His selfless spirit shone through as he received many gifts from his visitors, including canned juice, cookies, toilet paper, and toothpaste. He knew that he would not use it all, so he put many of the items in bags and gave them to patients whose families lived far away and could not visit them often.

Dealing with daily life

Sixty-four days after the accident, 2nd Lt. Girón left the hospital. When he arrived home, he pushed himself to find a better way to take care of himself after acknowledging his injuries had made him less independent. Within a few days he learn how to eat without the use of his hands, and later learned how to use his feet to use the remote for the TV before mastering the skill with his stumps.

A week after returning home, 2nd Lt. Girón drove his car. The next week, he drove it to his first doctor’s appointment with his mother as a passenger.

Though 2nd Lt. Girón was quick to relearn how to dress himself, he still needs help with buttons. But his mother does not assist him any longer; that task is now done by his wife, Karla Hernández, who was his girlfriend at the time of the accident.

Second Lt. Girón’s disability does not prevent him from showing his daughter Briana affection either, as he carries and caresses her every time he is with her.

Five months after the accident, 2nd Lt. Girón returned to work, where his first task was to deliver a lecture on the rebuilding efforts at the National Coordinator for Disaster Response (CONRED, for its Spanish acronym). He also received hook prosthetics, which help him perform many mechanical tasks, but he relies on his stumps for other activities, such as eating and writing.

Today, 2nd Lt. Girón lives a life with no limitations – at work and home. He drives a stick-shift automobile, makes calls on his cellphone, and paints his house with the same skill he had before the accident.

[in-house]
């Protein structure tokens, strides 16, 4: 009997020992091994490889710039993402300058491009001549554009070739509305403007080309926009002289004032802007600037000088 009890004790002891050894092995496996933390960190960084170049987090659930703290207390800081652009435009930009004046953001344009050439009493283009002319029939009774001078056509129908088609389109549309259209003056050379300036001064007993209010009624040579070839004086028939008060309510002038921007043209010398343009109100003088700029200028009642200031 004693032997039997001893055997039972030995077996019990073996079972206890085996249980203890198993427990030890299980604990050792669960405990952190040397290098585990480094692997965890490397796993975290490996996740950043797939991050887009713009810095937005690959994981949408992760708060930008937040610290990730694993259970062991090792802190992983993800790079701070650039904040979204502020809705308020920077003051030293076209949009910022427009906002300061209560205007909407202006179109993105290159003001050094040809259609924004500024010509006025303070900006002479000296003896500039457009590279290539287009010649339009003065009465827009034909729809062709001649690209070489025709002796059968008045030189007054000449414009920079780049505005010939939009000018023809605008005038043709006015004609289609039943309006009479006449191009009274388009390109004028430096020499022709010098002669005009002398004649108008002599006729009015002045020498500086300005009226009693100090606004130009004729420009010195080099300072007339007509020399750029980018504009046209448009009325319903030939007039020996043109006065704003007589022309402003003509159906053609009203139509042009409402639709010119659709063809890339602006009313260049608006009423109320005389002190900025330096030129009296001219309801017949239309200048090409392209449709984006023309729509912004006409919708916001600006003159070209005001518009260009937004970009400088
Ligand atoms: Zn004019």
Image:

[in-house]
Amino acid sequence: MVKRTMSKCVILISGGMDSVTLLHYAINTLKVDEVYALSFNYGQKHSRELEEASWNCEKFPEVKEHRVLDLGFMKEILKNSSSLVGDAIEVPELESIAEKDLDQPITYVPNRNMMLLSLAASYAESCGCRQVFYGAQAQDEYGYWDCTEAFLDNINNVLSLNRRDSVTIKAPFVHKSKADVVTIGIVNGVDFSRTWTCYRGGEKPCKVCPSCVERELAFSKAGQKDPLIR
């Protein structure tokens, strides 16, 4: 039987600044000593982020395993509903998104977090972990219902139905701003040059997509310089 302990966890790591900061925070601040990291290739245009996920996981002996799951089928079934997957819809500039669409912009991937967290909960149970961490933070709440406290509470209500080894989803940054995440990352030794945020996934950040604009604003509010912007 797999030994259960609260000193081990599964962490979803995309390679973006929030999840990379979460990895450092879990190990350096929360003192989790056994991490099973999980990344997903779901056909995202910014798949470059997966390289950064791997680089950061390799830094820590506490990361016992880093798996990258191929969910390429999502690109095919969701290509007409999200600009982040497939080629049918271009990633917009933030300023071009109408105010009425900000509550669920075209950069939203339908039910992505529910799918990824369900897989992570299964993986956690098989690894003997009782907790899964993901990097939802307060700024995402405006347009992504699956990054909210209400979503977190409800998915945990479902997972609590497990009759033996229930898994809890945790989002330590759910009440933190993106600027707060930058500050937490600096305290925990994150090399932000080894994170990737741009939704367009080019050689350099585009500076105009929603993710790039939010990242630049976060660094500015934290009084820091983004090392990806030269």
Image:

Now, two years later, he is in charge of logistics for many of the Corps of Engineers’ activities.

The Army assists earthquake victims

The Army engineer was injured while participating in a massive response by the Guatemalan Armed Forces two years after the November 7, 2012 earthquake that measured 7.4 on the Richter scale. The earthquake destroyed 1,860 homes and damaged 3,412 others. The Armed Forces have rebuilt 5,011 homes destroyed or damaged by the earthquake.

The earthquake caused major damage in the departments of San Marcos, Quetzaltenango, Sololá, Totonicapán, Retalhuleu, Quiché, Huehuetenango, and Suchitepéquez, according to the Guatemalan National Coordination Office for Disaster Reduction (Conred). The quake also destroyed schools and roadways.

Personnel from the Army Corps of Engineers responded the same day of the earthquake, and continued to work for more than a year rebuilding homes that had crumbled completely or were damaged in eight highly affected locations.
Sometimes we waste our energy and time on things that aren’t important. When we’re perfectly healthy we complain; there is no doubt that a person’s greatest obstacle is their mind and their willingness, therefore we have to show gratitude to God every day